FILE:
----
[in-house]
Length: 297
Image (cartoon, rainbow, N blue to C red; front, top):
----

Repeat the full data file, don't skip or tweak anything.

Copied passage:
[in-house]
Length: 297
Image (cartoon, rainbow, N blue to C red; front, top):